Diseases & Conditions


A B C D E F G H I J K L M N O P Q R S T U V W X Y Z

Granuloma Annulare


Synonyms of Granuloma Annulare
  • Lichen Annularis

Disorder Subdivisions

  • Generalized (Disseminated) Granuloma Annulare
  • Linear Granuloma Annulare
  • Localized Granuloma Annulare
  • Perforating Granuloma Annulare
  • Subcutaneous Granuloma Annulare


General Discussion
Granuloma annulare is a chronic degenerative skin disorder. The most common form is localized granuloma annulare, which is characterized by the presence of small, firm red or yellow colored bumps (nodules or papules) that appear arranged in a ring on the skin. In most cases, the sizes of the lesions range from one to five centimeters. The most commonly affected sites include the feet, hands, and fingers. In addition to the localized form, there are four less common forms: generalized or disseminated, linear, perforating, and subcutaneous. The lesions associated with granuloma annulare usually disappear without treatment (spontaneous remission). However, the lesions often reappear. The exact cause of granuloma annulare is unknown.
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Organizations related to Granuloma Annulare
  • MUMS (Mothers United for Moral Support, Inc) National Parent-to-Parent Network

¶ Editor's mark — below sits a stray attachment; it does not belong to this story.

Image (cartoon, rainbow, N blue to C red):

150 Custer Court
    Green Bay WI 54301-1243
    Phone #: 920-336-5333
    800 #: 877-336-5333
    e-mail: mums@netnet.net
    Home page: http://www.netnet.net/mums/
  • NIH/National Arthritis and Musculoskeletal and Skin Diseases Information Clearinghouse
    1 AMS Circle
    Bethesda MD 20892-3675
    Phone #: 301-495-4484
    800 #: 877-226-4267
    e-mail: NIAMSinfo@mail.nih.gov
    Home page: http://www.niams.nih.gov/Health_Info



For a Complete Report

This is an abstract of a report from the National Organization for Rare Disorders, Inc. ? (NORD). A copy of the complete report can be obtained for a small fee by visiting the NORD website. The complete report contains additional information including symptoms, causes, affected population, related disorders, standard and investigational treatments (if available), and references from medical literature. For a full-text version of this topic, see http://www.rarediseases.org/search/rdblist.html